Halls of Lost Steps

Anders Birger

Keywords: Europe, Border, Identity

contactandersbirger@gmail.com, andersbirger.com

I grew up working class. My father was building ships at the local wharf and a unionist, my mother was a social worker and cared for us. When I was five, my brother died and my family disintegrated. I spent much of my childhood looking at the people surrounding me, watching them live through different stages of grief. When I got access to my first camera at the age of six, it became my way of trying to understand moments of human interaction and emotion. A way to organise them and categorise them.

Now, my work might be about others, but it is still a way for me to understand my own position in society; still a way for me to try to evolve as a human being. I aim to be honest in my work, as I aim to be honest with myself. My goal is constant development and my fear is personal stagnation.

I work with photography and video. I also like to write and build things for my projects. My aim is to tell stories that make you wonder. These stories exist in the realm of magic realism, sitting between fact and fiction. I want my audience to be free to explore the world I create and draw their own conclusions. By focusing on themes of power, control, courage and beauty, I hope to make people question the stories we tell ourselves, and the social structures that bind us. In this way, I want to challenge the inequalities in society.


Graduation Project

“Dear Clara, how do borders look like in your Europe? In your future? Here in the 21st century, perhaps we Europeans have taken them for granted. But they rise and fall all the time, in big and little ways. They have shaped us, they shape you. Here are some stories, Clara, and some photos. There are all different kinds of things here: photos from across Europe now; stories and images from archives about our shared and divided history; images I’ve made for you to try to show you something. About wars, about refugees, travellers, and those who tell their grandparents’ stories; fraught crossings, and joyful meetings. I’m still collecting them, still talking to people across Europe with border stories. This project will never really be done. Clara, my daughter’s daughter’s daughter, this is about the lines that divide and connect us - for you.”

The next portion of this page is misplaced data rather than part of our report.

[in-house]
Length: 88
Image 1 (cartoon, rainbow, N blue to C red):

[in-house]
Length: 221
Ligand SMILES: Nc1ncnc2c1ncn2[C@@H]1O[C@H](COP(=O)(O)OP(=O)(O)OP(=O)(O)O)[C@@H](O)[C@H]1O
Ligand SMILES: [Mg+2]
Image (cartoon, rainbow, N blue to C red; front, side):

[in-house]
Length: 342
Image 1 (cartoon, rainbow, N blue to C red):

For Clara is a photographic and written exploration about borders in Europe - past, present, and future. In it, photographer and writer, Anders Birger, draws together a world of stories, both real and imagined, to show us how borders shape our lives. In the same way that borders are never truly settled things, this work is amorphous. It lives as an online archive, where new interviews and images are gathered continuously from those who have something to tell us about borders. It is also an editable box book, containing photographs and words that can be reordered and rediscovered again and again. In some ways, For Clara, is a simple traveller’s tale: Anders in his car crossing and recrossing the borders of Europe to talk to its citizens and its outcasts. In other ways, it’s a world within a world that invites us to encounter the limits of what we call our national and international identity and where we are all headed.